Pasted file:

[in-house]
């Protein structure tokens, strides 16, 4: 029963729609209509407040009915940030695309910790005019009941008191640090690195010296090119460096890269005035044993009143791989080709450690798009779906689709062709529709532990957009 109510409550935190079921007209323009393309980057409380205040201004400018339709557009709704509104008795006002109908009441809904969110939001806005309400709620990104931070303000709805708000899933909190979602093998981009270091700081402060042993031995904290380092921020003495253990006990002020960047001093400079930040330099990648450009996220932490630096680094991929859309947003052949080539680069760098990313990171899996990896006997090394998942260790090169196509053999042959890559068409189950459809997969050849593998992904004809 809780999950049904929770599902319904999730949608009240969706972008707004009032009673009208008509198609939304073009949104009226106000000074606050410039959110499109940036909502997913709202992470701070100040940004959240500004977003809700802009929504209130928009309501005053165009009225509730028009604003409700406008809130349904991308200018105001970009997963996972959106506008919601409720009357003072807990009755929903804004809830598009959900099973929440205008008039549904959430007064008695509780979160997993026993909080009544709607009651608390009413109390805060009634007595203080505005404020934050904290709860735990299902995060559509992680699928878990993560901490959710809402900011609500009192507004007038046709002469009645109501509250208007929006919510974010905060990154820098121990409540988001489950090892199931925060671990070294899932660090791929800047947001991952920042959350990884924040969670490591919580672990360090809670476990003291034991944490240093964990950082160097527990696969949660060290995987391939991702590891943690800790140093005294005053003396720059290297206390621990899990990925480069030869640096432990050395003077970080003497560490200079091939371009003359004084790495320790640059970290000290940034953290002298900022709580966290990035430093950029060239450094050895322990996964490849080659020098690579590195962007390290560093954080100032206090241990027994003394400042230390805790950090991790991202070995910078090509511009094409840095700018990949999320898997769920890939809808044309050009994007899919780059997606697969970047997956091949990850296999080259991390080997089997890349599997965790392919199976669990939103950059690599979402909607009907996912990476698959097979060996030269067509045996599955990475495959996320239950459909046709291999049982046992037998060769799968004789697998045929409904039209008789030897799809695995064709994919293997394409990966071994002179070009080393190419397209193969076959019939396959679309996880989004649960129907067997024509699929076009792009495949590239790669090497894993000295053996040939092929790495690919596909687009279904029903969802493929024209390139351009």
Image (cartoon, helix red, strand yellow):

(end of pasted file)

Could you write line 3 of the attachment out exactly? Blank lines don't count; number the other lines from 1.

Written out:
Image (cartoon, helix red, strand yellow):